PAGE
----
I am keen to introduce more trail running in the mountain paths. If you are interested in running the specific mountain trails, look at my notes on; Mt Steele, Mt Elphinstone, Panther Peak, Mt Daniel, Mt Hallowell, Tetrahedron Peak, Rainy Peak(Sunshine Coast), Golden ears, Lynn Loop, West Lions, Lynn Peak, Lightning lake, Three Brothers Mountain(Heather trail), Russet Lake, Shah-Cougar mtn, Brunswick Mtn, Capilano Mtn, Mt Fromme, Wedgemount Lake, Seymour Mtn, Unnecessary Mtn, Mt. Strachan, Elphine Lakes, Joffre Lakes, Garibaldi Lake, Lizzy Lake Cabin, Tenquille Lake, Goat Peak- Tenquille Mtn- Finch ridge, Mt Rohr, Dam Mtn, Hanes Valley, Coliseum Mtn. They are written from a trailrunner's point of view rather than as a hiker's.
Time indicated was based on my "comfortable fast pace" unless otherwise posted. If you are moderately fast at trail running races, then this time should be easy for you. If you haven't done trail running, and can run 10k 35min or less, this time should be easy. However if you don't have experience in trail running, watch out for;
1- Good landing that is stable where there is least likelyhood of hidden rocks, holes, or roots. Have smaller steps especially on the way down unless steps are very stable. The fatigue factor increases landing on the wrong places or tripping on things when you think you cleared it. So lifting up your foot slightly higher than you feel it necessary when you start getting tired might be a good idea.
2- Run with trail running shoes; grip and stability in trails of various conditions from mud, roots, or slippery grass might be much better with them than regular running shoes.
3- When you are passing or facing other hikers, keep your eyes focused on the trail ground surface. Greeting them would be nice, but looking at their faces takes your eyes off good foot landing places between tricky rocks, roots, and holes.
4- You might want to limit running on remote or high mountain trails only on dry clear days. Many trails lack signs or often on above treeline rocks or screes and you can easily go astray with diverging foot trails more quickly than when you are walking. On clear days it is easy to trace back where you came from when get lost. Rocks are dry and gives a good holding.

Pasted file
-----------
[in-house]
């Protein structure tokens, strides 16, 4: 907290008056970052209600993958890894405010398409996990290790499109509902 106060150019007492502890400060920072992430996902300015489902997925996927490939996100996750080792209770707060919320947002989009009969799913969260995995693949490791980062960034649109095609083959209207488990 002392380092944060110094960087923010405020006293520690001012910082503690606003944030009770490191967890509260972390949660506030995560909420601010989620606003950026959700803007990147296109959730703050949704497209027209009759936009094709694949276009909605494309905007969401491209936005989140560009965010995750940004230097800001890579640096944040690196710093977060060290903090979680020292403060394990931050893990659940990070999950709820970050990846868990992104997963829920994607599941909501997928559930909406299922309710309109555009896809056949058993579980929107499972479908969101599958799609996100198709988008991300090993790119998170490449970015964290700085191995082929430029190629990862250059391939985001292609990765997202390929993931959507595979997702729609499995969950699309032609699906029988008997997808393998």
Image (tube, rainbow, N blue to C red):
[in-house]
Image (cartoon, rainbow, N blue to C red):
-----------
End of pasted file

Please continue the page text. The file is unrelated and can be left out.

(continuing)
5- Remember stepping on small diameter root, especially on angle, is one of most difficult thing to get a grip with any shoes.
6- Carry up to 2.5L of water & fuel food. Note unless the food is sticky it will hinder with your breathing as ingested during the run; best ones are gel products, followed by Cliff bars etc. Dry crumble-able cookie like bars are unsuitable. Use of waste belt water bottle + sac carriage would be best as backpacks tend to create too much heat at the back. Check availability of creek or spring water in the trail.
7- In my case, when taking salt, water, and banana during the run, every 45-60mins, assures optimum leg muscle conditions.
8- Try different running techniques, postures, breathing, pacing, strides etc to find the most suitable for your preference & style. To me trail running feels quite different from non-incline flat surface run.
To get used to various trails & pacing, using treadmill with prolonged duration of 15% incline 5-5.5mph/hr or 10% 6-7mph would be a good training. If that speed feels too fast, building up gradually by starting from 15% 4mph or 10% 5mph etc might work. You might use different muscle; more lower back and triceps etc., and highly technical especially on fast downhill on various types of non-flat surfaces. You might want to start with short distance, clinic run by shoe stores, or very slow pace to gradually build up.
To conclude I find trail running an excellent replacement training of track or road work. You can even incorporate sprint intervals or fartlek runs on uphill or downhill for variations if you choose the appropriate trail sections. You might also find it very rewarding and refreshing to run on trails. Good luck.
Hey there. If you want any information on the lizzie lake area, like where to go in the alpine after the cabin please feel free to contact me. The trail leads in to the Stein Valley Traverse which I have done up to Tundra Lake. Tundra lake is the most spectacular view I have ever seen